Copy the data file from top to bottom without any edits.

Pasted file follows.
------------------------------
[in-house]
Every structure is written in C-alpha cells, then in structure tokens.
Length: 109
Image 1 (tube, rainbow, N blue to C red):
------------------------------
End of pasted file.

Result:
[in-house]
Every structure is written in C-alpha cells, then in structure tokens.
Length: 109
Image 1 (tube, rainbow, N blue to C red):